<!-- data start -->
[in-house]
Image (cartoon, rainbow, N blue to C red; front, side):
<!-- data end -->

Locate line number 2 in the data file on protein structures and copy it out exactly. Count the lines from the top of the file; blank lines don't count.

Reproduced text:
Image (cartoon, rainbow, N blue to C red; front, side):